SPRINGFIELD, Ohio — At Springfield's Second Harvest Food Bank, the two dozen guardsmen and women have become the picture of efficiency.

Since late March, the team has packed and distributed more than 6 million pounds of food for families throughout Clark, Logan and Champaign counties.


What You Need To Know

  • The National Guard Mission has been extended at the state's 14 Food Banks

  • The mission was set to end on Dec. 17

  • Guardsmen and women are replacing volunteers who are unable to come in and pack and distribute food during the pandemic

Most mornings you can find a team of guardsmembers forming an assembly line to pack hundreds of boxes of food.

 

Spec. Keenan Kinnell has been at the food bank since nearly the beginning of their nearly year-long mission.

"I've been here since April," Kinnell said. “I actually joined (the guard four years ago) because of things like this. I actually wanted to help my community. I also wanted to serve and be a part of something other than myself.” 

Over the past several months, he said he's done just about every job at the food bank, from packing food, to delivering it and even assisting with administrative work.

Second Harvest is one of the 14 food banks across Ohio that's relied on the National Guard to keep up with the unprecedented demand from food insecure families.

On top of the increasing need, Second Harvest Assistant Director Nicholas Hubbard said the pandemic lead to another issue, a drop-off in volunteers.

For months, he said Second Harvest could not let any volunteers come in at all.

“Late summer, we started to notice that things were letting up a little bit and so we did open our volunteer program back up," he said. "As a result of that about 30 days later, we had to shut it down again.”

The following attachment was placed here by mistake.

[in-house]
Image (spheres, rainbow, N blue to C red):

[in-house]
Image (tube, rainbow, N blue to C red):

Meanwhile, the guard mission was set to expire on Dec. 17.

Hubbard said the food bank had to plan for the National Guard's departure in the middle of the busiest time of the year. However, they breathed a sigh of relief when the president granted federal funding to extend the mission for three more months.

"Holidays are a time of great need," he said. "We’re serving a lot of families in November and December for the holidays and for Christmas."

By the time the mission ends, it will be nearly a year since the initial deployment, well-surpassing the longest and largest domestic deployment the National Guard has seen in Ohio history.

Hubbard said that will ensure Second Harvest and food banks across Ohio will make it through the holiday season and through most of March.

By then he's hoping cases and hospitalizations will go down and vaccine distribution will be well-underway.

Until then, Keenan said he expects to stay at Second Harvest, where he can see first hand the impact the National Guard is having on families across the state.

“Being able to meet different people and see a bunch of different things that I normally wouldn’t be able to see as a civilian,” he said.

Along with the food bank mission, hundreds of citizen soldiers with the Army and Air National Guard are also deployed to help with COVID testing, nursing home staffing and now repacking and sorting vaccines coming into the Department of Health.